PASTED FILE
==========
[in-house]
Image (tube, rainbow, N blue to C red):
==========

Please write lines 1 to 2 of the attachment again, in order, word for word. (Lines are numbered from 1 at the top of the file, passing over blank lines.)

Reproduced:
[in-house]
Image (tube, rainbow, N blue to C red):